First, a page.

Sunday, August 8, 2010

Summer's Bounty: Farmer's Tomato Pie

When we woke up on Saturday morning, we opened the windows.  It was remarkable: high 60s, sunny, a slight breeze in the air.  S. and I both went running (I much more slowly, and with some walk breaks, but still got my 5 miles in), and then we packed up the bikes and headed down to Stockton, where got on the towpath and rode to New Hope and back.  It couldn't have been a more perfect day for this little adventure; there was even a Civil War reenactment going on at the Holcombe-Jimison Farmstead Museum (a little more museum-like than Howell Living History farm, but cool nonetheless), and as a bonus, I even got to stop at the Stockton indoor farmer's market (my excuse: a crusty bread to go with a soup that I made for a friend who has a three week old baby), where they have fresh organic ice cream again "made with milk and cream from happy cows."  As we were biking back towards our car, I found myself thinking that though fall will always be my favorite season, I really do like summer, when it's not sweltering hot.

Late summer, of course, means tomatoes.  As long as I can remember summer has been a time to too many tomatoes; when I was little, and my father grew them in our back yard garden, my parents set me up at a little table on the corner of our street with bags of tomatoes, where I would sell them by the pound.  This was more than a little embarrassing for me, and I vowed that if I ever had too many tomatoes, I'd either give them away or find a way to use them.

I remember when I first found this recipe: I was overjoyed, because I had a bevvy of tomatoes from the garden of my own, and there's only so much fresh pasta sauce a girl can eat.  The recipe has evolved a lot since then (I learned, for example, that tomatoes get soupy if you don't seed them first, that paper towels work well to remove some of the excess moisture that could make for a soggy crust, and that cheese and mayonnaise actually go well together, despite the fact that it sounds like a  bad 1950s casserole).  The bacon is a fairly new addition, and is completely unnecessary, though the smoky flavor goes well with the cheddar version of the pie, so you could also use turkey or vegan bacon, if you felt inspired to do so.  The crust is from a recipe passed down to me from my mother-in-law, who got it from her sister, who used to work at a health food restaurant where it was the go-to quick crust, and I use it all the time with a variety of pies; sometimes I vary the balance of whole wheat to regular flour, but it never disappoints me, and I find I curse less at it when I'm rolling it out.

This dish does take some time to make (slicing and seeding tomatoes, rolling out crust, etc. etc.), but stick with it, knowing you'll be down a few pounds of tomatoes in the end, and it's not too terribly bad for you, even though it's sort of like eating dessert for dinner.  Certainly, it's better than eating a can of whipped cream.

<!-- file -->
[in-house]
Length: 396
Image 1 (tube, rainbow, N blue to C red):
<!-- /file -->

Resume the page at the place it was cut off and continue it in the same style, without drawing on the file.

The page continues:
Farmer's Tomato Pie

1 pie crust (see below)
1 1/3 c. shredded low fat cheddar or Italian blend cheese
4 cloves garlic, minced
2 T. fine dry breadcrumbs
2 lbs. ripe tomatoes cut into wedges and seeded, dried between two sheets of double thickness paper towel
1 c. cherry or grape tomatoes, cut in halves
3 strips of bacon, cooked and crumbled (optional)
1 t. salt
1-2 T. mayonnaise (vegan if you like)
1/4-1/2 c. loosely packed small basil leaves

Pie crust

1 c. whole wheat pastry flour
1/4 t. salt
1/4 c. oil (canola or very mild olive)
1/8 - 1/4 c. boiling water

Preheat oven to 450 degrees F.
Fork together flour and salt, make a well for the liquids.  Combine oil and water (I know, they don't mix) and dump them into the flour.  Fork together all of the ingredients until it forms a ball.  If you need to add more flour and water, do so.  The dough should be a little bit springy.

Roll out a prepared pie crust to a twelve-inch circle. Place in a 10" quiche pan or a 10" pie pan, and trim.  (Note: you could probably use a tart pan here, too, and just press the crust into the pan.  I've never tried this, but if you do, let me know how it works out.)  If using a pie pan, crimp the edges. Line the unpricked pastry with TWO thicknesses of foil. Bake 8 minutes. Remove foil and bake another 4-5 minutes, until set and dry. Remove from the oven.

Reduce the temperature to 375 degrees.


Sprinkle 1/3 c. cheese evenly over baked shell while it's still hot.
Sprinkle garlic evenly over cheese.
Sprinkle 2 t. breadcrumbs over garlic and cheese.
Top with 1/3 of the tomato wedges and 1/3 of the cherry tomatoes.
Sprinkle 1/3 c. cheese.
Sprinkle 2 t. of the dry breadcrumbs.
Sprinkle with half of the bacon, if using.
Top with 1/3 of the tomato wedges and 1/3 of the cherry tomatoes.
Sprinkle 1/3 c. cheese.
Sprinkle 2 tsp of the dry breadcrumbs.
Top with 3 of the tomato wedges and 1/3 of the cherry tomatoes.

Sprinkle with salt.  For the last layer, mix the last 1/3 c. cheese with mayonnaise, and spread (or crumble) evenly over the top.

Bake 20-25 minutes or until pastry is golden brown and tomatoes are just beginning to brown.  Remove to wire rack, sprinkle with basil and let stand for 10 minutes.  At right: shiny plate club, courtesy of S.
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1 comment:

  1. Oh this looks so delicious and perfect for the summer! I also tend to associate tomatoes with summer time and I have to say I am having my enough this summer but none taste as good as home grown ones.


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